2) Meta Question: When a blogger poses a question like that should they also post the answer? Have a pointer to the answer? Not have an answer? Pros and Cons:
a) If you do no ..read more

Computational Complexity Blog

3w ago

Tech companies are performing exceptionally well, driving the S&P 500 to new heights with their soaring stock prices. However, the tech sector, apart from AI, expects a job decline to persist throughout the year, accompanied by a tougher hiring process. The situation becomes even more challenging for foreign students requiring sponsorship to secure a job after college, or older tech workers without the latest skills.
Despite these challenges, tech jobs remain more abundant than in most other fields, although the era of immediate employment with nearly six-figure salaries straight out of co ..read more

Computational Complexity Blog

3w ago

I am looking at LOTS of transcript of students who applied for my program REU-CAAR so I sometimes come across grades that I don't understand. The transcript does not have a guide to them, and I have been unable to find the meaning on line.
Normal grades of A,B,C,D,F possibly with + or - I DO understand, as do you, though standards differ from school to school.
UMCP also has
P for Pass in a course the student chose to take Pass-Fail
W for withdrawing from a course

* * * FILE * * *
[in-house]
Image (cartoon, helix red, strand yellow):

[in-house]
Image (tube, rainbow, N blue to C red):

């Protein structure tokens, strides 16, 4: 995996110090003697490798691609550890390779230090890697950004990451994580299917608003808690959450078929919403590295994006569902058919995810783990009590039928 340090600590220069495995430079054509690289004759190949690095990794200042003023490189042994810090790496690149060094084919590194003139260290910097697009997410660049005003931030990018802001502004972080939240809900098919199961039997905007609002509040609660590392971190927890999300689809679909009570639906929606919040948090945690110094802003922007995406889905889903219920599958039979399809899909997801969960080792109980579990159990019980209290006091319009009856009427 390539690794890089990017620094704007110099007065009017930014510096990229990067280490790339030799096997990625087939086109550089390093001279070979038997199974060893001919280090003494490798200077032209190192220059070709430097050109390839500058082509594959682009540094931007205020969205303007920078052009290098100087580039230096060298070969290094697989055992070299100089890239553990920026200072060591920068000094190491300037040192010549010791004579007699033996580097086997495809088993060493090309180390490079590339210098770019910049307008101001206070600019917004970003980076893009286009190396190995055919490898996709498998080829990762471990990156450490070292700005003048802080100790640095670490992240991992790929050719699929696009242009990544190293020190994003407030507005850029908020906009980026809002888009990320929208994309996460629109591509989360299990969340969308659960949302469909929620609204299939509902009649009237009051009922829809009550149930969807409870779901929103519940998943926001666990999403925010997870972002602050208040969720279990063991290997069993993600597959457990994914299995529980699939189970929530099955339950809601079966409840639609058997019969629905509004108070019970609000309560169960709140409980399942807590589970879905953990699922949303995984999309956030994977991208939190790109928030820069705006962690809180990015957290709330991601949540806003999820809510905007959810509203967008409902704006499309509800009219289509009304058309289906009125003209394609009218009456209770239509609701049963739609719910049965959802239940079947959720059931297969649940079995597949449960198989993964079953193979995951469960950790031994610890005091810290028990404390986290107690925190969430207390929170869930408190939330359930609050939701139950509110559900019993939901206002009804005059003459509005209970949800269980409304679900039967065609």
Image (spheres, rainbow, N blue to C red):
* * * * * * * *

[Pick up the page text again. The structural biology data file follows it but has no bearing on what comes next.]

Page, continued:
WW which will be on all courses in a semester- so the student dropped out that semester
XF means failed ..read more

Computational Complexity Blog

1M ago

In the recent academy award winning movie Oppenheimer, Niels Bohr tests a young Oppenheimer.
Bohr: Algebra's like sheet music, the important thing isn't can you read music, it's can you hear it. Can you hear the music, Robert?
Oppenheimer: Yes, I can.
I can't hear the algebra but I feel the machine.
A Turing machine has a formal mathematical definition but that's not how I think of it. When I write code, or prove a theorem involving computation, I feel the machine processing step by step. I don't really visualize or hear the machine, but it sings to me, I feel it humming along, u ..read more

Computational Complexity Blog

1M ago

(Harry Lewis helped me with this post.)
March 15 was UMCP Computer Science Grad Student Visit Day. I suspect many of my readers are at schools that had their Grad Student Visit Day recently, or will have it soon.
In 1980 I got into Harvard Grad School in Applied Sciences. I went there in the Spring to talk to some people and take a look at the campus. I paid my own way- it did not dawn on me to ask them to reimburse me and I doubt they had the mechanism to do so.
I know a student who got into two grad schools in 1992 and contacted them about a visit. Both set up the visit and ..read more

Computational Complexity Blog

1M ago

La Scala in Milan
Google translate generally impresses but consider this translation from a short Italian news article. I boldfaced a few items.
Not scheduled at the premiere of Mozart's Die Entführung aus dem Serail (The Abduction from the Seraglio) which debuted this evening at La Scala.
During the second act, in fact, someone dropped a mobile phone from the stage and hit a spectator in the front row on the cheek.
'I'll report you,' the man who was hit shouted. And then at halftime he explained to the ushers that he would keep the smartphone until the owner arrived to repo ..read more